Audience attending Roadside’s Appalachian Tent Tour
By Dudley Cocke
This article was originally on Roadside Theater’s blog and is used here with permission.
Andy Horwitz’s Jan. 31, 2016 Atlantic article about the National Endowment for the Arts is telling: “The current state of the arts in this country is a microcosm of the state of the nation.” Which is to say, the nonprofit arts are “increasingly becoming as unequal as America itself.”
Appalshop and its theater wing, Roadside, were born of the War on Poverty waged by Lyndon Johnson, under whose administration the National Endowment for the Arts was launched. Appalshop and Roadside would not have made it without the support of the NEA, which made grants to us before the state agencies and private foundations did so. Appalshop will turn 50 in 2020; it has outlasted U.S. Steel and Bethlehem Steel, which dominated the coalfields when Appalshop was founded. A recent NEA video about Appalshop makes clear the mutual vision of federal grantor and grassroots grantee.
Not only was 50 percent of the NEA budget cut in 1995, as Horwitz points out, but grants to individual artists were axed. Two years later, a second major blow occurred to multi-disciplinary organizations like Appalshop: the NEA discipline programs were replaced by a few generic themes, like “creativity,” and an organization could now submit only one application under one of those designated themes. The effect: Appalshop lost 95 percent of its NEA funding in one fell swoop. (For further commentary on the unreported arts recession of 1997, see this essay.)
After the 2007-08 global financial meltdown, I recall several articles in the Chronicle of Philanthropy reporting that while the largest arts institutions would recover rather quickly, it would take the majority of arts organizations at least ten years to recover, if they were able to recover at all. From 1970 – 2008, there were never many grassroots arts organizations with annual budgets of over one million dollars; most of those are no-longer in business. In that regard, Appalshop is fortunate. With a new generation of leaders under 35, it is rebuilding itself in a region whose coal economy has permanently collapsed.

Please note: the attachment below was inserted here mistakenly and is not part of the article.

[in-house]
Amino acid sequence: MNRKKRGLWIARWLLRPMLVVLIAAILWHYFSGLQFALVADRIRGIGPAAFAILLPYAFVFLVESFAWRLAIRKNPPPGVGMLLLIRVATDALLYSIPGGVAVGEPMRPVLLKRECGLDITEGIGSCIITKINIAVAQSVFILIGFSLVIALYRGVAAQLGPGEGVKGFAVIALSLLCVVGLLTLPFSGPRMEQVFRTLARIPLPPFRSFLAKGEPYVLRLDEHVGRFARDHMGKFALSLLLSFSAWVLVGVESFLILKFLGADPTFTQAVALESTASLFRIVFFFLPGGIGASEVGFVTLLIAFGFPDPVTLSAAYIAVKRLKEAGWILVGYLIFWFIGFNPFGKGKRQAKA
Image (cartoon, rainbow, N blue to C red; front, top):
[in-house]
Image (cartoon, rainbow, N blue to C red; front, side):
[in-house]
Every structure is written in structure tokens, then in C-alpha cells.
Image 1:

Jeff Chang, author of Can’t Stop Won’t Stop and Who We Be: The Colorization of America, corroborated Horwitz’s article with some less-than-reassuring data in a recent post: “Of every foundation dollar, 11 cents goes to the arts. 5.5 cents go to arts organizations with budgets of more than $5 million, who make up just 2 percent of all arts organizations.”
But wait, he added, “it gets worse . . . Only 1 cent of every foundation dollar goes to arts organizations serving underrepresented communities. Less than half a cent goes to arts organizations doing what they call social justice work.”
Chang, detailing what he calls the “long-term fallout of the culture wars,” reached this conclusion: “[O]bjectively arts world inequality is worse than U.S. income inequality right now.”
Roadside believes that who controls the nation’s culture, controls the story the nation tells itself. Like Horwitz, we think the American people should own the story. That is what art in a democracy would look like.
Dudley Cocke, Artistic Director of Roadside Theater, is a stage director, writer, and media producer. He has taught theater at NYU and Cornell University, and his essays have been widely published, most recently in An Ideal Theatre: Founding Visions for a New American Art (TCG Books). In 2015, Routledge will publish two books that include his writing: Routledge Companion to Art and Politics, and The Roles of Art and Culture in Community Change. Dudley is a board member of the Native Arts and Cultures Foundation and the recipient of the 2002 Heinz Award for Arts and Humanities. Contact: email@example.com